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Sheffield City Council to mark two years of Race Equality Commission

Sheffield Town Hall

Today marks two years since the launch of the final report of Sheffield’s Race Equality Commission. Since then, Sheffield City Council has made consistent progress in tackling race inequality in the council and in the city, with plans going forward that aim to make Sheffield an anti-racist city.

In December, during a Strategy and Resources committee meeting, the Council agreed to contribute £100,000 in funding to tackle race inequality over the next four years as well as implementing a range of resources to make improvements following the commission’s recommendations.

Sheffield City Council is supporting teams across the Council to develop quality practice around race while working alongside and supporting internal staff equality hubs.

The council is also monitoring its approach to race equality with a performance framework which will measure and track progress.

Sheffield City Council will also be supporting and coordinating a list of race-related awareness days and months such as South Asian Heritage Month and Black History Month.

The new Right Worshipful Lord Mayor of Sheffield Cllr Jayne Dunn, who was appointed back in May this year, will raise awareness on issues that are important to the people of Sheffield, with each month dedicated to a particular issue with a dedicated community champion to promote diversity and inclusion throughout the city.

Sheffield City Council, alongside city partners, has taken the findings of the REC report and implemented a variety of changes including appointing an experienced leadership, diversity, and inclusion professional as the Chair of the Race Equality Partnership for Sheffield (REPS).

Fatima Khan-Shah was successfully appointed to the role due to her extensive experience leading on nationally recognised and multi-award-winning programmes around equality, diversity, and inclusion (EDI), as well as for her passion for Sheffield, the city she grew up in.

The role of Chair will be to provide visible and collaborative leadership of REPS, working with key partners across the city enabling Sheffield City Council to continue these important changes.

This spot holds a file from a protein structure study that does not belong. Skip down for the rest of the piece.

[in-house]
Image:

These actions have been taken after the publication of the Race Equality Commission’s findings in July 2022 and are playing played a pivotal role in improving our city, making sure diversity is at the heart of everything the Council does.

As a result, major, positive steps have been made, including the development of the new council framework for equality, diversity, and inclusion, which were also agreed at the meeting in December.

Councillor Tom Hunt, Leader of Sheffield City Council, said: “Racism has no place in Sheffield or anywhere. As a Council, it’s vital that we work in partnership with our local communities to ensure that Sheffield is a welcoming and inclusive city for everyone.

“The Race Equality Partnership has an important role to play in this. It is an active, collaborative network of people and organisations with a shared aim to make Sheffield an anti-racist city.

“The council has big ambitions to tackle inequalities and celebrate the diversity of all communities and the partnership will help do just that.”

Fatima Khan-Shah, Chair of the Race Equality Partnership, said: “Today marks the second anniversary of the Race Equality Commission which is a pivotable moment during the start of my term as Chair of the Race Equality Partnership for Sheffield, and I’m overjoyed to be in a role where I can give back to the residents.

“As someone born and bred in Sheffield my roots in this incredible city have made me the person I am today.

“The Race Equality Partnership is an important opportunity for everyone across this city to work together to deliver upon the legacy of the Race Equality Commission and I will do everything I can to further our journey towards a truly anti-racist Sheffield.”